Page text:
DeVos issues new loan forgiveness rule for swindled students

Carole Feldman
Associated Press

Washington – Education Secretary Betsy DeVos late Friday issued a new rule on loan forgiveness for students defrauded by their colleges, a rewrite of Obama-era regulations that advocates say will make it tougher for students to get relief.

DeVos said schools must be held accountable but the Obama rule wasn’t working. The new rule, she said, will “treat students and taxpayers fairly.”

Loans issued on July 1, 2020, or later would be affected by the new rule. The department estimates it will result in a net savings of $11.1 billion over 10 years of loans.

Education Secretary Betsy DeVos

DeVos’ rewrite of the so-called borrower defense to repayment rule is the latest in the Trump administration’s campaign to scale back Obama-era regulations targeting for-profit colleges. It also rescinded a 2014 gainful employment rule that aimed to cut off federal funding to programs that consistently left graduates with high student debt that they would be unable to pay off.

“With this policy overhaul, Secretary DeVos has cemented her legacy as best friend to predatory colleges and enemy to the students they rip off,” Yan Cao, a fellow at The Century Fund, said in a statement.

The 2016 borrower defense rule was put into place after the closure of Corinthian Colleges, which left thousands of students with student loan debt and nothing to show for it. DeVos froze the rule while it was being rewritten, but a federal judge ruled that the delay was unlawful.

“There is no place for fraud in higher education, and it will not be tolerated by this administration,” DeVos said.

But James Kvaal, president of The Institute for College Access and Success, said the new rule will make it more difficult for students defrauded by their schools to get relief.

Students, he said, would be required “to submit evidence that students do not have and cannot get” and file their claims as individuals, rather than as part of a group that was defrauded.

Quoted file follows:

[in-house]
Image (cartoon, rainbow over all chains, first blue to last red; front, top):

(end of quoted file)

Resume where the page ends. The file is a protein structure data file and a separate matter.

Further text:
There also would be a three-year limitation on filing a claim, either from the date of a student’s graduation or the school’s closure. “That will weed out about 30 percent of claims that would otherwise prevail,” Kvaal said, citing the department’s own estimates.

“By leaving students on the hook for colleges’ illegal actions, today’s rule sends a clear message that there will be little or no consequences for returning to the misrepresentations and deceptions that characterized the for-profit college boom,” he said.

Career Education Colleges and Universities, which represents dozens of for-profit colleges, supports the rewrite, said Michael Dakduk, the organization’s executive vice president. “We think it provides fairness and due process to all parties involved,” he said.

Dakduk pointed to the rule’s provisions encouraging schools facing closure to shut down only after “teach-outs” designed to enable students to complete their programs. “We certainly appreciated how the department is prioritizing school completion,” he said.

Students would be able to choose between participating in the teach-out or filing a closed school claim with the department.